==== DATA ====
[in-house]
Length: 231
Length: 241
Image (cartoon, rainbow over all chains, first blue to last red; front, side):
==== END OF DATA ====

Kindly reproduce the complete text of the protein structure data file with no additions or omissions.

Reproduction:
[in-house]
Length: 231
Length: 241
Image (cartoon, rainbow over all chains, first blue to last red; front, side):